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By Martin McDonagh
Produced by Studio Theatre
Reviewed by Tim Treanor
(left to right) Denis Arndt, Tom Story and Hugh Nees (Photo: Carol Pratt)
The Pillowman is a story about stories. Here’s how one of them goes:
…The father, as we have established, treats the little girl badly, and one day the girl gets some apples and carves some little men out of these apples, all little fingers, little eyes, little toes, and she gives them to her father but she says to him they’re not to be eaten, they’re to be kept as a memento of when his only little daughter was young, and naturally the pig of a father swallows a bunch of these applemen whole, just to spite her, and they have razor blades in them, and he dies in agony…
Why do we tell stories? Homer, Virgil, Chaucer and Shakespeare told stories which sang across the centuries, and created worlds more real and durable than the mundane Greece, Rome and England that surrounded them. Katurian K. Katurian (the ironically named Tom Story), who sweeps up at an abattoir for a living and who has had only one of his 400 gruesome little fairy tales published, writes for the same reason. The grim little bloodbaths he writes, in which children kill and are killed, are for him more real and true than the human zoo in which he lives.
Here’s another story:
Katurian K. Katurian sits blindfolded in a windowless room in the police headquarters of some unnamed hellhole. Suddenly, two cops – the cynical Tupolski (Denis Arndt) and the volatile Ariel (Hugh Nees) – burst into the room. They take off his blindfold and begin to hammer him with questions. But why? What has he done? Has he somehow offended the State, or the tinpot generalissimo who runs it? Why, he’ll rewrite everything! Take out the offending passages!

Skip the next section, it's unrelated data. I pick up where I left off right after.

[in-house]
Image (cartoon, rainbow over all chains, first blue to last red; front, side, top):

Despite his cravenness, Katurian engages our sympathy as an artist about to be tortured by a brutal arm of a brutal state, especially when we hear his brain-damaged brother Michal (Aaron Muñoz) screaming in the next room. Does it matter that what Katurian writes is not bold challenges to the State but, as Tupolski puts it, "101 Ways to Skewer a Fuckin’ Five Year Old"? Or – and this is the information which has the agitated policeman Ariel raining a tempest of threats on Katurian’s head – that someone is killing children in precisely the way Katurian described in his stories?
Here is Katurian’s – and McDonough’s – dirty little secret: writers long to have their stories leak out of their books, and become powerful in the real world. To write with enough skill to give the performative utterance – as Harriet Beecher Stowe did, when she helped to change history with her powerful novel. There was an Irish cult called the satirists (some scholars believe this to be the derivation of the present word) who were thought to be able to kill people by writing verse about them. Katurian – and by extension McDonough, who admits to identifying to some degree with his character – find themselves unwitting members of this club. When Katurian feels responsible for the killing, is it out of a sense of guilt – or hubris?